Millennials say they don't have friends, but could free apps help?

Millennials are "friending" people all over social media, but it appears to be a different story when they're not online.

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Sports reporter Mike Gunzelman told FOX Business' Cheryl Casone and Deirdre Bolton, “Today’s technological era has made us more connected than ever before, however, it is also making us more alone than ever before as well, especially if you are a millennial.”

A recent survey conducted by YouGov reported that 22 percent of millennials say they have no friends, while 30 percent say they have no best friends.

The main culprit was determined to be social media.

“It’s the degree of, disease I should say, of comparison, you know what I mean, you see everybody else having more fun than you are online and on social media and everyone has these, you know, their life is so much better than yours that you start getting more and more depressed,” Gunzelman said.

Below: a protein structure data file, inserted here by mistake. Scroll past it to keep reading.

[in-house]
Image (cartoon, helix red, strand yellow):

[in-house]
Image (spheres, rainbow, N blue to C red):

In terms of what people can do about it, Gunzelman responded, “The No. 1 thing is get off of social media more often … or how about just talk to people.”

But a number of platforms are trying to help everyone reconnect offline. The leader in the area, Meetup, which was acquired by WeWork in 2017, has more than 330,000 groups available with no sign-up fees charged by Meetup for users.  Facebook has a free events section and a group section for people with similar interests to connect and organize in-person meetings.

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Apps such as Nearify help users find nearby events where they can meet people. Even free dating apps are making an effort to help out.  Bumble has created Bumble BFF to help people make platonic friendships.